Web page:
Naghian completed his master's thesis at Nokia and continued there while working on his doctoral dissertation, which dealt with power control in mobile phone systems. He spent 10 years at Nokia in expert and management tasks before starting what he calls his dream job at Genelec in 2005.

‘Technology helps us understand the mysteries of nature’

Naghian’s interest in technology began as a schoolboy when he saw an article in a science magazine about using magnetic resonance imaging to measure human brain activity. He understood that technology was a tool to help us understand the mysteries of nature.

‘I was always interested in physics, mathematics and literature. They all contain a certain element related to the secret of life, and that fascinated me,’ says Naghian.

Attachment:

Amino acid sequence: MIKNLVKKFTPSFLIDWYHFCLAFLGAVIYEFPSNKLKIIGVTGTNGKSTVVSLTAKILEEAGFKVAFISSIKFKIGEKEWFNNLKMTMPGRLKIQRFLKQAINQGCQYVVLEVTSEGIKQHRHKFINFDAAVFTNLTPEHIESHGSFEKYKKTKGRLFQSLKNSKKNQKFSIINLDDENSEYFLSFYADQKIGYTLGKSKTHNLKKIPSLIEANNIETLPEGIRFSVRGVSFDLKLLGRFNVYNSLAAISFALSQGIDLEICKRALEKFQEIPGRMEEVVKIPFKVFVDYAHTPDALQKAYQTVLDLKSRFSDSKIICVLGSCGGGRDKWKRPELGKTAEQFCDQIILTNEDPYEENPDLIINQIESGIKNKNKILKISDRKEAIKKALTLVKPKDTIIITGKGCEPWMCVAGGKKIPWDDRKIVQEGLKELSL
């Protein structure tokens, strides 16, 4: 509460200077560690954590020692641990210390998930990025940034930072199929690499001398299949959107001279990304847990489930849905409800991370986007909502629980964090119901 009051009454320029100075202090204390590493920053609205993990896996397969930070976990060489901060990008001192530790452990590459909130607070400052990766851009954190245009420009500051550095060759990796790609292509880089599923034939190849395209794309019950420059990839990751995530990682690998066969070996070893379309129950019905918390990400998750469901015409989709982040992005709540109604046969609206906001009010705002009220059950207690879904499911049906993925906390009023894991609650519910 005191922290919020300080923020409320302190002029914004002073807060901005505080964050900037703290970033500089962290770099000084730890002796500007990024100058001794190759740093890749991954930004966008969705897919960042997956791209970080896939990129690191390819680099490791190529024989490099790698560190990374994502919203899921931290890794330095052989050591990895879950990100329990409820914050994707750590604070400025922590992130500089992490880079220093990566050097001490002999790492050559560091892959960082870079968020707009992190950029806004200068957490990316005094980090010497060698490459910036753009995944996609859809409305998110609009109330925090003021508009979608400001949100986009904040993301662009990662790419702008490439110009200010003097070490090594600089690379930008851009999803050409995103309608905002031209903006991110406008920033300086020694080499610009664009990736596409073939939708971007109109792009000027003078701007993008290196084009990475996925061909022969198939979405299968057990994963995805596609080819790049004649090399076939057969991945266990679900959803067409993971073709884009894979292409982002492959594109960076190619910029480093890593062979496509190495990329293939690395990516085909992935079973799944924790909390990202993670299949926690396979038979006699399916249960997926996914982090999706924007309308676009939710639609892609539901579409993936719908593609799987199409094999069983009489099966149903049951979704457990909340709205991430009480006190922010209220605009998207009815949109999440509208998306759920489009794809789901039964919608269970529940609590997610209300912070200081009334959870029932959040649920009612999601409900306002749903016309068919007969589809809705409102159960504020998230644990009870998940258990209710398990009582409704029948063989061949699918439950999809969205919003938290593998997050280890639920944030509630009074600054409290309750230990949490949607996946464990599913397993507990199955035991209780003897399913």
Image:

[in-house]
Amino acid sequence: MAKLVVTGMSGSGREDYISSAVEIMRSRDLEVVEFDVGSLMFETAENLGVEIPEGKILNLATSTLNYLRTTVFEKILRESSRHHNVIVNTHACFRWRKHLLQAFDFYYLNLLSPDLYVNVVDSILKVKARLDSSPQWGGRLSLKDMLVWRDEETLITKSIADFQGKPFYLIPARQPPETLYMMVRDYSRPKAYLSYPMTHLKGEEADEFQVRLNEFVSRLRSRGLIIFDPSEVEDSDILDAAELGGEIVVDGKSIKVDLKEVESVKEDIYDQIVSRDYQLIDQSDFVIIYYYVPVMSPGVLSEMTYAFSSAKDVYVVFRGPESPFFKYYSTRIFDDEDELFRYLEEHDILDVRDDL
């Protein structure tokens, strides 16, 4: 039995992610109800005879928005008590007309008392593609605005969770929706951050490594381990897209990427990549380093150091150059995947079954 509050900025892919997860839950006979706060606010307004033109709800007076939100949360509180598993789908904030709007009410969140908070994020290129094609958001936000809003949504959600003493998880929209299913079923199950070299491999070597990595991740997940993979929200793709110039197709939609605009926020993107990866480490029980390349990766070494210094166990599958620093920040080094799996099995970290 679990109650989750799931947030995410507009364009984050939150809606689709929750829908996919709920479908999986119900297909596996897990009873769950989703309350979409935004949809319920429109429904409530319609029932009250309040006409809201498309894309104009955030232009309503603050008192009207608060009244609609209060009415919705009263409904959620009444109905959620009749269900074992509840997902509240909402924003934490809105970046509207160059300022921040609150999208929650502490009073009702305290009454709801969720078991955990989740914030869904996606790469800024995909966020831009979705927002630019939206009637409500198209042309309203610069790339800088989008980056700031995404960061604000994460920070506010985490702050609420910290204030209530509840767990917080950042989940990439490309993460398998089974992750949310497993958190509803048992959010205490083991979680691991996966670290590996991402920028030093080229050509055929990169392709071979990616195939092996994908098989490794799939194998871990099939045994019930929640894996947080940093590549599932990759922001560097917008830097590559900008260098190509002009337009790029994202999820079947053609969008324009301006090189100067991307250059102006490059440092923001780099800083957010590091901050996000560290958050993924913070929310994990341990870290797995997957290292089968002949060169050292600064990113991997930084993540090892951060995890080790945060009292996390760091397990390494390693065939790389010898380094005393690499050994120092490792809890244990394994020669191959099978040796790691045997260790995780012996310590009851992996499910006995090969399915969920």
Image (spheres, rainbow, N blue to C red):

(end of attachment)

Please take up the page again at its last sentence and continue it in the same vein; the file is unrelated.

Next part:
‘For me, technology is not just equipment  – it’s art. Even today as I walk around our factory and look at the circuit boards, I’m thrilled by the idea that they’re based on nature. The music we hear from our loudspeakers is based on the laws of physics. Understanding and perceiving that fact is something wonderful!’

Naghian thinks that the most important aspect of university studies involved developing the ability to think systematically. In addition to courses in electrical engineering, applied electronics, telecommunications technology and medical physics, he also chose industrial engineering courses related to management and organisation.

‘That has proven to be very valuable since then. Knowledge of your own field is a must in product development and management, but we also need the ability to understand larger contexts. Technology is for people, and people are a part of nature.’